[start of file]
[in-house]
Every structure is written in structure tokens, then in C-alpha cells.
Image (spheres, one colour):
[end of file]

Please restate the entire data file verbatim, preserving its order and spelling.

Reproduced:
[in-house]
Every structure is written in structure tokens, then in C-alpha cells.
Image (spheres, one colour):